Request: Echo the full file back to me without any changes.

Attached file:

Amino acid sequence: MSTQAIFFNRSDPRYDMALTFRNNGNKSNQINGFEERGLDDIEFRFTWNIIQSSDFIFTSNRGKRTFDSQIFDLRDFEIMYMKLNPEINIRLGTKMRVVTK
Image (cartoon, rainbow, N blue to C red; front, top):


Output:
Amino acid sequence: MSTQAIFFNRSDPRYDMALTFRNNGNKSNQINGFEERGLDDIEFRFTWNIIQSSDFIFTSNRGKRTFDSQIFDLRDFEIMYMKLNPEINIRLGTKMRVVTK
Image (cartoon, rainbow, N blue to C red; front, top):